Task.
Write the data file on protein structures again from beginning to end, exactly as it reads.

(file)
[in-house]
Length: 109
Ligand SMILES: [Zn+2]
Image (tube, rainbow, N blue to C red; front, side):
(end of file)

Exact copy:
[in-house]
Length: 109
Ligand SMILES: [Zn+2]
Image (tube, rainbow, N blue to C red; front, side):